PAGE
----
*735 Fisher Nut Company had set up five criteria for the job openings.[3] The fifth requirement was that the applicant be recommended by his or her supervisor as capable and deserving of the job. Palmer Peterson, Garcia's top-level supervisor, told the company's Human Resources Director that Garcia might not be able to get along with his new supervisor because he had a chip on his shoulder, and he felt that Garcia did not have a good attitude about cooperation with supervisors and would not be able to work without close supervision. At the hearing, Peterson testified that Garcia was not the kind of person to do any more work than he had to, and Peterson cited a time when Garcia told his immediate supervisor that he was not going to do certain work because he did not get paid enough money and that the supervisor should send a less senior employee instead. Peterson said he might have had a "personality difference" with Garcia, but he did not know. Peterson understood that the warehouse job required a person who would maintain productivity without constant supervision and that, based on Peterson's observations, he could not give Garcia a positive recommendation.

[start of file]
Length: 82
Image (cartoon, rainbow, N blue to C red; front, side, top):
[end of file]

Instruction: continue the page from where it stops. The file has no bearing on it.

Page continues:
The complainant countered with the testimony of Jack Zemlicka and Ronald Wethammer, who had been his immediate foremen, both of whom testified that Garcia was basically a good worker and competent for the warehouse job. Neither Zemlicka nor Wethammer had been consulted during the hiring process, but Fisher said this was because it considered them both union foremen and not company supervisors. Both foremen conceded there were a few minor incidents of Garcia's working a bit slowly or being in a "sullen" mood. Another general supervisor, Jerry Early, testified at the hearing that Garcia needed supervision and would not work any harder than he had to. Garcia conceded he "could have" said he was going to work slowly because he was not paid more, and while he also claimed he had little personal contact with Peterson, he conceded Peterson "could have" observed his work.